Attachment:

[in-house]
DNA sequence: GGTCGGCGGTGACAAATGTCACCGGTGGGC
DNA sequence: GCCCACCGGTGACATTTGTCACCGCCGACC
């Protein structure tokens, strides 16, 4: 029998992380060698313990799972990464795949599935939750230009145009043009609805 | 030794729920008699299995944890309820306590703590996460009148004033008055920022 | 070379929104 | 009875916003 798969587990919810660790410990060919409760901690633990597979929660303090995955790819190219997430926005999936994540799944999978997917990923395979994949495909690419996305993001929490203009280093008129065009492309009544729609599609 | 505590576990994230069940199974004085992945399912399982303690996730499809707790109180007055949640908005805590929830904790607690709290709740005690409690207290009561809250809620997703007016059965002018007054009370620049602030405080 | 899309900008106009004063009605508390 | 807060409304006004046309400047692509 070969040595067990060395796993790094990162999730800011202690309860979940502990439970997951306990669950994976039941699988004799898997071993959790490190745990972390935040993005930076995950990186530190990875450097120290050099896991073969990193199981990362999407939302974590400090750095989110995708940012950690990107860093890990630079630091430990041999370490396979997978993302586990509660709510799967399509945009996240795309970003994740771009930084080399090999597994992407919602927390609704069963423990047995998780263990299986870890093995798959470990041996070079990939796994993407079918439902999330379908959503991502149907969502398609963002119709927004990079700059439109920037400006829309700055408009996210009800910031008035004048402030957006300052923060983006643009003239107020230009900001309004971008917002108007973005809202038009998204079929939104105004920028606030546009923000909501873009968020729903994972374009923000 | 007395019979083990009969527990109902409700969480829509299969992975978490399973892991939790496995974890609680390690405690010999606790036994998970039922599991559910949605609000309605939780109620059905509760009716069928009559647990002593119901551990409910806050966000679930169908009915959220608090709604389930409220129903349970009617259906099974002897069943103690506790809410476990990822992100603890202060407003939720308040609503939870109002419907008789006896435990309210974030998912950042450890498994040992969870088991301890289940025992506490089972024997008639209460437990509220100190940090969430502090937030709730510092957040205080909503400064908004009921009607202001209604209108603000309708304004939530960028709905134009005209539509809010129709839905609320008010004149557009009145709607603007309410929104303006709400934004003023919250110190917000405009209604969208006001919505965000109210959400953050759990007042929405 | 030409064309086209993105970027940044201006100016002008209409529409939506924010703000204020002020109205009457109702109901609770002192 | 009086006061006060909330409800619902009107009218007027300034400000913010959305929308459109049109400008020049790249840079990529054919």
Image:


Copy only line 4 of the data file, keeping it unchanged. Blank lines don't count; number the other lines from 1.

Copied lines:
């Protein structure tokens, strides 16, 4: 029998992380060698313990799972990464795949599935939750230009145009043009609805 | 030794729920008699299995944890309820306590703590996460009148004033008055920022 | 070379929104 | 009875916003 798969587990919810660790410990060919409760901690633990597979929660303090995955790819190219997430926005999936994540799944999978997917990923395979994949495909690419996305993001929490203009280093008129065009492309009544729609599609 | 505590576990994230069940199974004085992945399912399982303690996730499809707790109180007055949640908005805590929830904790607690709290709740005690409690207290009561809250809620997703007016059965002018007054009370620049602030405080 | 899309900008106009004063009605508390 | 807060409304006004046309400047692509 070969040595067990060395796993790094990162999730800011202690309860979940502990439970997951306990669950994976039941699988004799898997071993959790490190745990972390935040993005930076995950990186530190990875450097120290050099896991073969990193199981990362999407939302974590400090750095989110995708940012950690990107860093890990630079630091430990041999370490396979997978993302586990509660709510799967399509945009996240795309970003994740771009930084080399090999597994992407919602927390609704069963423990047995998780263990299986870890093995798959470990041996070079990939796994993407079918439902999330379908959503991502149907969502398609963002119709927004990079700059439109920037400006829309700055408009996210009800910031008035004048402030957006300052923060983006643009003239107020230009900001309004971008917002108007973005809202038009998204079929939104105004920028606030546009923000909501873009968020729903994972374009923000 | 007395019979083990009969527990109902409700969480829509299969992975978490399973892991939790496995974890609680390690405690010999606790036994998970039922599991559910949605609000309605939780109620059905509760009716069928009559647990002593119901551990409910806050966000679930169908009915959220608090709604389930409220129903349970009617259906099974002897069943103690506790809410476990990822992100603890202060407003939720308040609503939870109002419907008789006896435990309210974030998912950042450890498994040992969870088991301890289940025992506490089972024997008639209460437990509220100190940090969430502090937030709730510092957040205080909503400064908004009921009607202001209604209108603000309708304004939530960028709905134009005209539509809010129709839905609320008010004149557009009145709607603007309410929104303006709400934004003023919250110190917000405009209604969208006001919505965000109210959400953050759990007042929405 | 030409064309086209993105970027940044201006100016002008209409529409939506924010703000204020002020109205009457109702109901609770002192 | 009086006061006060909330409800619902009107009218007027300034400000913010959305929308459109049109400008020049790249840079990529054919």